german Brüko type 3 Soprano Ukulele

My Old Type#3 Brüko

old Bruko type 3 soprano ukulele
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Breuko type3 maple and gabon soprano ukulele
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1940's german brüko ukulele sopran with arched back
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german brüko at Lardy's Ukulele Database

the Pressed Arch Back

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House (fingerpick)

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Waltzin'

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12 bar

In its interesting wooden case

It has Mahalo strings on and is tuned g~C~E~A

Brüko Type#3

When I got this Ukulele I didn't know who the maker was or the age, just that it was old and probably European. The only mark is a fairly unreadable stamp inside the sound hole that probably starts "Made in" but the location is now a smudge. It also has a very distinctive one piece wooden Bridge and a rounded "pressed arch" back. I have since found that the bridge and rounded back are classic features of the Brüko range so I asked the people a Brüko and they confirmed it is an old Type#3 that went out of production some years ago. They also told me it was made of "Aldur and Gabon"? Now I believe Aldur translates to Alder, (not a usual wood for Ukuleles?), or possibly Birch? but I'm stuck on Gabon apart from the African Country? If I had to pick a second wood I would have said Maple but I can't get Gabon from Maple no matter how I try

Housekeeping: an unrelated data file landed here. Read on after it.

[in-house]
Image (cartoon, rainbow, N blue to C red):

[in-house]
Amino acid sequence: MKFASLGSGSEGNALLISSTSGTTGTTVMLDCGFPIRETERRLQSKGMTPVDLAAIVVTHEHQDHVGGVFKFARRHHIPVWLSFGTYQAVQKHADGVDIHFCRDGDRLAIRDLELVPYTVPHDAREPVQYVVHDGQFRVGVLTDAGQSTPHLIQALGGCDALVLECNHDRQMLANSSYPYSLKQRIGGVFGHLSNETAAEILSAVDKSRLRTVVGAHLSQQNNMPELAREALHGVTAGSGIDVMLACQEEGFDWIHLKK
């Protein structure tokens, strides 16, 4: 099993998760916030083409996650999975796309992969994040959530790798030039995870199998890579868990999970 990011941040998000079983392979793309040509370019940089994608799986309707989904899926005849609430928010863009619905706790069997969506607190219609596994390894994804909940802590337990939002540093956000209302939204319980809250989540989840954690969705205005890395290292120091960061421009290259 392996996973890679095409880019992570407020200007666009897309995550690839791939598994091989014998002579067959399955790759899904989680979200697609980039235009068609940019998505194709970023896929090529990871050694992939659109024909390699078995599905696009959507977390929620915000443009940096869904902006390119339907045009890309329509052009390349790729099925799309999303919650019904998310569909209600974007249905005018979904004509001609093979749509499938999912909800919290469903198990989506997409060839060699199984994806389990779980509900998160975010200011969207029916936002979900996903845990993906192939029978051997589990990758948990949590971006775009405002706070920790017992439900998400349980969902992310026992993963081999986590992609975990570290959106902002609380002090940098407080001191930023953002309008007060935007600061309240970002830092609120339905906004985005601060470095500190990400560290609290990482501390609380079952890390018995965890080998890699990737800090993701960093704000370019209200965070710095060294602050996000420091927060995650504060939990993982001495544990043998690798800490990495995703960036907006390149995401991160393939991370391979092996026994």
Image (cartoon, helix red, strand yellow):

The age is harder to be exact on but I've seen a 1970's Bruko Type#6 and its only mark was a similar stamp in the sound hole, but it clearly said "Made in West Germany". My smudge, (which doesn't photograph well), is to short to be West Germany and the Ukulele certainly pre-dates reunification, (if nothing else the old slot headed screws in the tuners confirm this), so...
Brüko started making Ukuleles in the early 1930's and anything pre-war would just have "Made in Germany" as the stamp, (the smudge is about the right size for Germany)? However I have never seen a pre war Brüko Ukulele so I can't be sure the things like the bridge design were the same then. I have seen one they made for a Swiss distributor in the late 1940's and 50's though that had a very similar sunburst finish to the one that features on the back of mine?

It also came with a very interesting wooden case with a sliding top and some other old bits including a very old feltrum and the cover of a learn to play the ukulele book printed in 1928, (not that this means much for dating though). Brüko say this is not an original case so where this came from I have no idea? I should say that it sounds lovely though, still perfectly playable though the action is a little high for my taste and the marks that look like cracks are all just superficial on the surface.